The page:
Qatar's oil minister Mohammed Saleh
Al-Sada, Chakib Khelil and
Ali al-Naimi share a laugh. Reuters
Opec set to keep oil output limits
Vienna, June 14, 2012
Opec prepared to keep oil output limits on hold on Thursday, leaving swing producer Saudi Arabia to unilaterally decide whether it needs to scale back supplies to stem a price slide.
Most in the Organization of the Petroleum Exporting Countries want cartel number one Saudi Arabia to cut back to defend oil prices at $100 a barrel but Riyadh is keen to prevent high fuel costs hampering a return to stronger economic growth in the West.
Extra oil from Saudi is largely responsible for lifting Opec output to 31.6 million bpd, well in advance of the group's formal 30-million-bpd target.
'In my opinion we should be keeping to the ceiling, the ceiling we agreed in December,' said Angolan Oil Minister Jose de Vasconcelos. 'In all probability,' Opec would retain that formal target, said Kuwaiti Oil Minister Hani Hussein.
Saudi Oil Minister Ali Al-Naimi, though, has often surprised in the past and caused some uncertainty earlier in the week.
First he suggested Opec might need to lift its collective limit to match forecast demand for the rest of the year -- estimated by Opec headquarters at 30.7 million bpd. The next day he said said he was happy with policy as is.
Iran, often at odds with Saudi Arabia at Opec, appears in no mood to squabble at this meeting, despite being unhappy that a fall in prices has coincided with a drop in its exports because of Western sanctions against its nuclear programme.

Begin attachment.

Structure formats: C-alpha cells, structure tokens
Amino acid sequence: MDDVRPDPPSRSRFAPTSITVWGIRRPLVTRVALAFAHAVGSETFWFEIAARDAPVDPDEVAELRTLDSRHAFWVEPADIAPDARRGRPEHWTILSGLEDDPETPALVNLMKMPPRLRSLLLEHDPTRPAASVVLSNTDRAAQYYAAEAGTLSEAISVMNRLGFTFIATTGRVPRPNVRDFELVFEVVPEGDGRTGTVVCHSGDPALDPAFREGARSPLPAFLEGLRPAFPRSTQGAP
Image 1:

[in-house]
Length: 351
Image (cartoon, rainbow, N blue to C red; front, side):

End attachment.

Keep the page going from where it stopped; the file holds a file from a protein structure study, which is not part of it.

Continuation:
'We object to the drop in prices,' said Iranian Oil Minister Rostam Qasemi.
A meeting between Saudi Oil Minister Ali Al-Naimi and Qasemi passed amiably, delegates from the two countries said.
Oil prices have dropped from a $128 peak for the year in March to $97, in part because the economic outlook has darkened but also because of increased Saudi output that in April set a 30-year high of 10.1 million barrels a day.
That has lifted world oil inventories rapidly, a deliberate move by Riyadh to counter the possibility that Iranian oil output falls heavily when a European Union embargo on Tehran starts next month. Iranian production is already down to a 20-year low.
Naimi has called the extra Saudi volumes and consequent oil price decline 'a kind of stimulus' for the world economy. His advisors say Riyadh is engaged in a balancing act to raise stocks to cover for Iranian losses while taking into account the prospect that the fragile world economy will slow oil demand.
Analysts say risks are growing that prices could fall further if Saudi doesn't cut back. 'There is a surplus in the market. Most of the surplus has gone into storage, both fixed and floating, so the market in a way hasn't felt that yet,' said former Algerian Oil Minister Chakib Khelil, now a consultant.
'This idea of trying to anticipate the shortfalls from Iran could backfire. If demand weakens because of the economic situation then you have a weak global economy and oversupply in the market.'
Oil prices though are anything but predictable, largely because, on top of opaque supply and demand fundamentals, markets have to take into account the politics of producer countries.
Iran is the main uncertainty for oil prices - the impact of sanctions on its oil sales, negotiations with world powers over its nuclear progamme that resume in Moscow shortly and the possibility that Israel might launch an attack on its nuclear facilities.
'History tells us that a global financial collapse could see oil prices fall to $50 a barrel and below whilst an attack on Iran take them to $150 and above,' said David Hufton of London oil brokers PVM.
Delegates said that while the decision on production looked straightforward, no easy agreement was expected over the appointment of Opec's next secretary general.
Four countries have proposed candidates - Saudi Arabia, Iran, Iraq and Ecuador. -Reuters